Understanding user-agent strings
Updated: July 2013
Here we discuss the user-agent string, which identifies your browser and provides certain system details to servers hosting the websites you visit. We'll also learn how to view your user-agent string, understand tokens used by recent versions of Windows Internet Explorer, and understand registry keys that affect the user-agent string.
We'll cover these sections.
- Understanding the user-agent string
- Viewing the user-agent string
- Internet Explorer user-agent tokens
- User-agent registry keys
- Related topics
When you visit a webpage, your browser sends the user-agent string to the server hosting the site that you are visiting. This string indicates which browser you're using, its version number, and details about your system, such as operating system and version. The web server can use this information to provide content that is tailored for your specific browser.
Because certain non-Microsoft sites add details to the user-agent string, it's important to understand the user-agent string. Here we'll explain the user-agent string, list the values from recent Internet Explorer versions, and document registry keys that modify the user-agent string.
When you request a webpage, your browser sends a number of headers to the server hosting the site that you're visiting, as shown here.
GET / HTTP/1.1 Accept: text/html, application/xhtml+xml, */* Accept-Language: en-US User-Agent: Mozilla/5.0 (Windows NT 6.3; Trident/7.0; rv:11.0) like Gecko Accept-Encoding: gzip, deflate Proxy-Connection: Keep-Alive Host: microsoft.com
These headers occur during a negotiation process that helps the browser and the hosting server determine the best way to provide the requested information. The user-agent header identifies the application requesting the information from the server, typically a browser. This identification string is called the user-agent string and contains tokens that provide specific details about the program making the request. Tokens vary among programs; the tokens in the Internet Explorer user-agent string describe the browser, the operating system, and the current browser mode.
Starting with IE11, the user-agent string was updated to be more consistent with other popular browsers. To learn more, see Compatibility changes in IE11.
This table describes the tokens in a user-agent string shown in the example.
|Application name and version. For historical reasons, Internet Explorer identifies itself as a Mozilla browser.|
|The Platform token identifies the operating system and version. The example token indicates Windows 8.1.|
|The Trident token identifies the version of MSHTML (Trident).|
|The revision token indicates the version of IE11|
|The Gecko token has been added to highlight improved consistency with other browsers.|
Note that this example applies to IE11. Earlier versions of the browser reported user-agent strings like this:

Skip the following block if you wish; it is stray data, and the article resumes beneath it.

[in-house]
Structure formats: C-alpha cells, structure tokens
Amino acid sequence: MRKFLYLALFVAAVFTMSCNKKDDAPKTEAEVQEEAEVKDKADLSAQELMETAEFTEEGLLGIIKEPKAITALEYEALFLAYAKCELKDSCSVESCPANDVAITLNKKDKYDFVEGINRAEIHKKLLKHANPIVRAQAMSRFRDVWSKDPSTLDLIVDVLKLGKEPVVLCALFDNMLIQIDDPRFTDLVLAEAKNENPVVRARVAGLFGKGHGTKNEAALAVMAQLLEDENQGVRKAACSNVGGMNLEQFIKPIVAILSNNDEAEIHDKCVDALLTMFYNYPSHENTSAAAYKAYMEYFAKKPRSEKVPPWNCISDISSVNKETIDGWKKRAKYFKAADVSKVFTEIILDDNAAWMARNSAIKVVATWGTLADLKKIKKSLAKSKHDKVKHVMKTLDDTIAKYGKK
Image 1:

Mozilla/5.0 (compatible; MSIE 9.0; Windows NT 6.1; Trident/5.0)
|Application name and version. For historical reasons, Internet Explorer identifies itself as a Mozilla browser.|
|Compatibility flag token. It indicates that Internet Explorer is compatible with a set of common features.|
|The Version token identifies the browser and contains the version number, as reported by the current browser mode. The example value indicates Windows Internet Explorer 9.|
|The Platform token identifies the operating system and version. The example token indicates Windows 7.|
|The Trident token identifies the version of MSHTML (Trident) and can be used to determine whether or not the webpage is displayed in Compatibility View.|
For these examples, the user-agent is Internet Explorer. Other programs also act as user-agents and provide their own user-agent strings. For example, the Windows RSS Platform provides the following user-agent header when requesting RSS data.
Windows-RSS-Platform/2.0 (IE 11.0; Windows NT 6.1)
Note that the user-agent string changed as of IE11. Earlier versions of the Windows RSS Platform returned this string:
Windows-RSS-Platform/2.0 (MSIE 9.0; Windows NT 6.1)
Like the user-agent string for Internet Explorer, this user-agent header provides details about your system.
Alternate tokens can appear in the user-agent string for a number of reasons; usually, they identify optional features installed on your system. For example, an SV1 token appears in the user-agent string of a Windows XP user who has installed Windows XP Service Pack 2 (SP2). It's also important to note that certain non-Microsoft parties modify the user-agent string for their own purposes.
As of Internet Explorer 9, alternate tokens are handled differently from earlier versions of the browser. To learn more, see User-agent registry keys.
For info about other headers communicated to web servers, see RFC2616, Section 14: Header Field Definitions.
You can use this information to view the user-agent string. To do so, type the following into the address bar of your browser.
This code example is case sensitive.
When you do this, a dialog box displays your user-agent string.
Tip: If you're using a recent version of Windows, you can copy your user-agent string to the Clipboard by pressing Ctrl+C before you close the dialog box.
For best results, user-agent strings should not be longer than 256 characters.
This section summarizes the tokens used by recent versions of Internet Explorer, which places three tokens in the user-agent string by default.
- Version tokens
- Platform tokens
- Feature tokens
- Trident token
In general, version tokens begin with MSIE and are followed by the version number of the browser. Many pre-release versions append the letter "b" to the version number.
Starting with Windows Internet Explorer 8, the version token reported in the user-agent string might not reflect the actual version of the browser. If Compatibility View is enabled for a webpage or the browser mode is set to an earlier version, the version token reports the earlier version.